12. Hello friends, and welcome to the 11th DevDiary for “Knights of Honor II: Sovereign!” In the 6th DevDiary, which feels like ages ago to us, we talked about the marshal class. Now, let’s take a look at merchants, who are, debatably, just as important as Marshalls for any kingdom which aims to become a great power in the Old world. Let’s start with the primary role of a merchant, which we all most likely know from every strategy game out – to bring gold into the kingdom’s coffers. This is true for the KoH series as well, but there are different ways to achieve it. First of all, each knight can be selected as a governor of a province, and merchants have the most skills and governing effects that can boost gold income and commerce. Additionally, once a merchant is appointed as a governor of a province, trade caravans and ships start visiting nearby towns, bringing gold from trade when they return, unless ill fate (also known as “rebels”, stops them in their tracks. Being a governor does not hold back a knight from performing any other functions, it is a “secondary” role they have, so it is not a matter of whether to have them as governors or not, but rather who should govern where, as different classes gain and provide different bonuses to provinces. Each merchant can also be sent on a “mission” to establish and maintain trade with a chosen kingdom, as long as a trade agreement with it is signed and valid. This means you’ll need good relations to expand trade, which is where diplomats could be needed as well. Prosperous trading between kingdoms and good diplomatic relations are well tied together – on one hand kingdoms are more benevolent and eager to make agreements and pacts of all kinds with their established trade partners, and on the other hand trade is more profitable and offers more opportunities when the diplomatic relations between kingdoms are warm. Many other factors also play effect – for example distance, personal qualities and skills of the merchants, and whether they have royal blood – kings and princes have advantages in almost all trade endeavors. Trading with a kingdom is a “full time” occupation, so a merchant cannot simultaneously maintain trade with more than one kingdom, or trade while leading an army, for an example. If there are more promising offers elsewhere, merchants can always return “home” and try establishing trade in a new kingdom, but in that case any developed position and all deals with the original partner they were overseeing is lost. This can often be a significant step back, since one of the possible, costly, and time-consuming actions is to expand trade to gain more and more profits and a bigger share of the market of a kingdom. Now, we haven’t talked a lot about resources in the game yet and we won’t get into details about them now, but another thing a merchant can do within a kingdom is to arrange the import of goods. Resources are needed for the construction and function of some buildings, for hiring troops, and other things, so arranging imports can be particularly important. Food can also be imported or exported; it is needed for upkeeping the armies, as well as for maintaining the population growth and happiness. Historically, food trade and grain trade in particular were one of the oldest and most stable over the centuries, so we felt it important to represent this our game. This can also create different strategic choices for players – they can produce their own food, rely on import (if they have the gold for it!), or focus on agriculture, stock-farming and food export as a stable source of income. There is one significant new addition for the trading system in KoH2:S and that is “Kingdom’s Commerce” – a parameter of the kingdoms that is required for “upkeeping” the continuous trading deals, such as imports, exports and general kingdom trade. Players increase commerce mainly by constructing trading-related buildings, but also with traditions, skills, governor effects, etc. Here the challenge for players is providing the needed Commerce availability for their merchants to use, as well as putting all available Commerce into good use and thus maximizing the benefits from it. Up to a point of the development process, this was what merchants were all about. Were they useful? Undoubtedly. Were there strategical choices for the players, like how many merchants to have, when and where to send them and what to do with them? Sure, there was. But we decided that we wanted to try and make this class even more interesting. Thus, we implemented the “Opportunities for merchants”, based on a system we so far used for spies. Thanks to it, we managed to add many additional actions that pop up from time to time for merchants on a semi-random principle. Our idea with that was to spice up the merchants and present even more choices to the players. Each opportunity has its own story and specific effects, and we will continue to add more of these during the development of the game. Here are just few examples: If one of your armies is near or in a province of a kingdom you are trading with, your merchant can try to arrange a supply of provisions to that army, which can sometimes be crucial. Often merchants have opportunities to make some risky deals, for example reselling goods; thus, the players can invest some of their gold and hope to make good quick profit. Merchants can hire mercenaries in the kingdom they trade in and call them to their own lands. They can sometimes try to convince their trade partners to stop trading with another kingdom and shun a foreign merchant, if they a have strong enough position to do so; besides hindering an opponent, this has additional advantages – reducing the competition increases the chances of getting a bigger share of the market. As a result, the merchants can be very useful, not just by making gold. We are trying to make them both a part of the overall strategy of players and a driver of the economy of their kingdoms, as well as introduce some emerging stories and gameplay with the class. We will talk more about Merchants and Trading, as well as the opportunities that can emerge, in our DevStream on Thursday, October 1st, @ 3:00 PM GMT / 11:00 AM EST. The Twitch stream will be hosted on the THQ Nordic channel: http://twitch.tv/thqnordic and we’ll be grabbing responses from this post as well as answering questions live during the stream. We really want to hear your opinion about the merchant – do you like the wider opportunities for the class or would you prefer it to be simpler? What kind of opportunities and actions of merchants would you like to see in the game? Do you like the concept of the random trade possibilities, or would you prefer to always have the full arsenal available and rely on chance as little as possible? View full article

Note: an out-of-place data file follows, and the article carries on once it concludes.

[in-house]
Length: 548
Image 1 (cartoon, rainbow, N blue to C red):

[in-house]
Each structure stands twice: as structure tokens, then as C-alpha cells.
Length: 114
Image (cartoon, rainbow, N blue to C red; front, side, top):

13. Hello friends, and welcome to the 11th DevDiary for “Knights of Honor II: Sovereign!” In the 6th DevDiary, which feels like ages ago to us, we talked about the marshal class. Now, let’s take a look at merchants, who are, debatably, just as important as Marshalls for any kingdom which aims to become a great power in the Old world. Let’s start with the primary role of a merchant, which we all most likely know from every strategy game out – to bring gold into the kingdom’s coffers. This is true for the KoH series as well, but there are different ways to achieve it. First of all, each knight can be selected as a governor of a province, and merchants have the most skills and governing effects that can boost gold income and commerce. Additionally, once a merchant is appointed as a governor of a province, trade caravans and ships start visiting nearby towns, bringing gold from trade when they return, unless ill fate (also known as “rebels”, stops them in their tracks. Being a governor does not hold back a knight from performing any other functions, it is a “secondary” role they have, so it is not a matter of whether to have them as governors or not, but rather who should govern where, as different classes gain and provide different bonuses to provinces. Each merchant can also be sent on a “mission” to establish and maintain trade with a chosen kingdom, as long as a trade agreement with it is signed and valid. This means you’ll need good relations to expand trade, which is where diplomats could be needed as well. Prosperous trading between kingdoms and good diplomatic relations are well tied together – on one hand kingdoms are more benevolent and eager to make agreements and pacts of all kinds with their established trade partners, and on the other hand trade is more profitable and offers more opportunities when the diplomatic relations between kingdoms are warm. Many other factors also play effect – for example distance, personal qualities and skills of the merchants, and whether they have royal blood – kings and princes have advantages in almost all trade endeavors. Trading with a kingdom is a “full time” occupation, so a merchant cannot simultaneously maintain trade with more than one kingdom, or trade while leading an army, for an example. If there are more promising offers elsewhere, merchants can always return “home” and try establishing trade in a new kingdom, but in that case any developed position and all deals with the original partner they were overseeing is lost. This can often be a significant step back, since one of the possible, costly, and time-consuming actions is to expand trade to gain more and more profits and a bigger share of the market of a kingdom. Now, we haven’t talked a lot about resources in the game yet and we won’t get into details about them now, but another thing a merchant can do within a kingdom is to arrange the import of goods. Resources are needed for the construction and function of some buildings, for hiring troops, and other things, so arranging imports can be particularly important. Food can also be imported or exported; it is needed for upkeeping the armies, as well as for maintaining the population growth and happiness. Historically, food trade and grain trade in particular were one of the oldest and most stable over the centuries, so we felt it important to represent this our game. This can also create different strategic choices for players – they can produce their own food, rely on import (if they have the gold for it!), or focus on agriculture, stock-farming and food export as a stable source of income. There is one significant new addition for the trading system in KoH2:S and that is “Kingdom’s Commerce” – a parameter of the kingdoms that is required for “upkeeping” the continuous trading deals, such as imports, exports and general kingdom trade. Players increase commerce mainly by constructing trading-related buildings, but also with traditions, skills, governor effects, etc. Here the challenge for players is providing the needed Commerce availability for their merchants to use, as well as putting all available Commerce into good use and thus maximizing the benefits from it. Up to a point of the development process, this was what merchants were all about. Were they useful? Undoubtedly. Were there strategical choices for the players, like how many merchants to have, when and where to send them and what to do with them? Sure, there was. But we decided that we wanted to try and make this class even more interesting. Thus, we implemented the “Opportunities for merchants”, based on a system we so far used for spies. Thanks to it, we managed to add many additional actions that pop up from time to time for merchants on a semi-random principle. Our idea with that was to spice up the merchants and present even more choices to the players. Each opportunity has its own story and specific effects, and we will continue to add more of these during the development of the game. Here are just few examples: If one of your armies is near or in a province of a kingdom you are trading with, your merchant can try to arrange a supply of provisions to that army, which can sometimes be crucial. Often merchants have opportunities to make some risky deals, for example reselling goods; thus, the players can invest some of their gold and hope to make good quick profit. Merchants can hire mercenaries in the kingdom they trade in and call them to their own lands. They can sometimes try to convince their trade partners to stop trading with another kingdom and shun a foreign merchant, if they a have strong enough position to do so; besides hindering an opponent, this has additional advantages – reducing the competition increases the chances of getting a bigger share of the market. As a result, the merchants can be very useful, not just by making gold. We are trying to make them both a part of the overall strategy of players and a driver of the economy of their kingdoms, as well as introduce some emerging stories and gameplay with the class. We will talk more about Merchants and Trading, as well as the opportunities that can emerge, in our DevStream on Thursday, October 1st, @ 3:00 PM GMT / 11:00 AM EST. The Twitch stream will be hosted on the THQ Nordic channel: http://twitch.tv/thqnordic and we’ll be grabbing responses from this post as well as answering questions live during the stream. We really want to hear your opinion about the merchant – do you like the wider opportunities for the class or would you prefer it to be simpler? What kind of opportunities and actions of merchants would you like to see in the game? Do you like the concept of the random trade possibilities, or would you prefer to always have the full arsenal available and rely on chance as little as possible?